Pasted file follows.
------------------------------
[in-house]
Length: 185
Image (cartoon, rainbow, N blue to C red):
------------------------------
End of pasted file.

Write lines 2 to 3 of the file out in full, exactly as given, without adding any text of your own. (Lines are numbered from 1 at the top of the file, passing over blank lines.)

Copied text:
Length: 185
Image (cartoon, rainbow, N blue to C red):